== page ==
The theoretical yield of a reaction is the amount of product estimated to form based on the stoichiometry of the balanced chemical equation. The theoretical yield assumes the complete conversion of the limiting reactant into the desired product. The amount of product that is obtained by performing the reaction is called the actual yield, and it may be less than or (very rarely) equal to the theoretical yield.
In the case of chemical reactions, the actual yield of the product is often less than the theoretical yield predicted based on the reaction’s stoichiometry. When reactions are performed under a given set of conditions, an inevitable loss in mass is expected due to several reasons. Some reactions are naturally inefficient, generating other undesirable products through side reactions. Others are incomplete due to their reversible nature, accompanied by a state of equilibrium between the reactants and products. Sometimes the loss in product mass is due to inadequate recovery of the desired product from the reaction mixture during purification techniques such as crystallization, distillation, filtration, and chromatography. In cases where product loss is experienced, percent yield is used to measure the extent to which a reaction’s theoretical yield is achieved.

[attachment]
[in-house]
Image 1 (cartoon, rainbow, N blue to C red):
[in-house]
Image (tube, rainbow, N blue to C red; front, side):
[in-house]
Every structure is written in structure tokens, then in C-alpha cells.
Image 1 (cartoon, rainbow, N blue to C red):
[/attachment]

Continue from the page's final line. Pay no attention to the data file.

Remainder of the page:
Actual and theoretical yields may be expressed as masses or molar amounts (or any other appropriate property, e.g., volume, if the product is a gas). As long as both yields are expressed using the same units, these units will cancel when percent yield is calculated.
Consider the combustion of nitric oxide to nitrogen dioxide.
At the end of the reaction, 180 grams of nitrogen dioxide is obtained from 150 grams of nitric oxide and an excess of oxygen. What is the percent yield?
The actual yield of the reaction is 180 grams. Knowing that nitric oxide is the limiting reactant, the moles of theoretical yield are obtained based on the stoichiometry of NO and NO2. First, the mass of NO is converted to moles of NO. Then, the stoichiometric ratio of NO:NO2 (1:1) is applied, which suggests that 5 moles of NO2 will be formed from 5 moles of NO. Third, the moles of NO2 are converted to mass.
In the final step, percent yield is calculated based on the ratio of the actual yield to the theoretical yield.
This text is adapted from Openstax, Chemistry 2e, Section 4.4: Reaction Yields.
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